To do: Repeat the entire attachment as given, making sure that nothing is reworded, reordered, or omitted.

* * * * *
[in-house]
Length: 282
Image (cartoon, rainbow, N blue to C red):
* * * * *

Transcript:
[in-house]
Length: 282
Image (cartoon, rainbow, N blue to C red):